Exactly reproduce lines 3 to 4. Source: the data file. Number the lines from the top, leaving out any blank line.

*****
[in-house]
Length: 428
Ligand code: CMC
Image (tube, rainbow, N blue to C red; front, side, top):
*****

Ligand code: CMC
Image (tube, rainbow, N blue to C red; front, side, top):